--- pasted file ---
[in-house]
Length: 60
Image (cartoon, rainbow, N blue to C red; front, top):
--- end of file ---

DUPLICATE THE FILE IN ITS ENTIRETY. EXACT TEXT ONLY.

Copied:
[in-house]
Length: 60
Image (cartoon, rainbow, N blue to C red; front, top):